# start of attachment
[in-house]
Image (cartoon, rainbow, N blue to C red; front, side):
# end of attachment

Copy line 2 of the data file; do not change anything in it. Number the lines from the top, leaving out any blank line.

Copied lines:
Image (cartoon, rainbow, N blue to C red; front, side):